Many people did know about older men texting teenage girls, and they wondered whether there was something more sinister at play here. Was he grooming Brown and Eilish in order to have sexual relationships with them at a later date? As proof, Twitter users pointed to a resurfaced video in which a 23-year-old Drake brings a teen girl onstage at a Denver, Colorado concert, where he proceeds to kiss and touch her. When he asks her age and she tells him she’s 17, he exclaims that he couldn’t “go to jail yet, man!” before asking her, “why do you look like that? You thick. Look at all this.” And then there were the whispers that he began dating model Bella Harris as soon as she turned 18—after meeting her years before. (Both Harris and Drake denied the rumours.)
I have written before about patterns of behaviour when it comes to predatory men, so I’m definitely not trying to deny the possibility that a wealthy and powerful rapper could be trying to exploit young women. And, I get the impulse to believe the worst of people, especially since we know there is often truth to these types of whispers and rumours—we’ve seen that with Bill Cosby, Harvey Weinstein and most recently, hip hop pioneer Afrika Bambaataa, who is being sued by a man who says he was sexually abused and sex trafficked by Bambaataa in the early 90s, starting when he was just 12. As cultural commentator Jay Smooth pointed out, survivors started speaking out about Bambaataa years ago, but no one listened.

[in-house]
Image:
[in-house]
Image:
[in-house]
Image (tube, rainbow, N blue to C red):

But… I do feel weird about how easily some people decided that the only reason Drake, a Black man, would be friendly toward children was because he was grooming them, especially considering these girls’ insistence that their friendships were totally innocent. After Millie Bobby Brown’s comments made headlines, for example, she responded on her IG story, saying, “Why u gotta make a lovely friendship ur headline? U guys are weird … for real. I'm lucky to have people in the business extend their time to help me further my career and offer their wisdom and guidance. I'm very blessed to have amazing people in my life. U don't get to choose that for me. It's nice to have people who understand what I do. Now get back to talking about real problems in this world other than my friendships … jeez."